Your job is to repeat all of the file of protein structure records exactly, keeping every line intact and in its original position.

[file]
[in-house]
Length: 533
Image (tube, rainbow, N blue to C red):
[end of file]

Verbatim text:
[in-house]
Length: 533
Image (tube, rainbow, N blue to C red):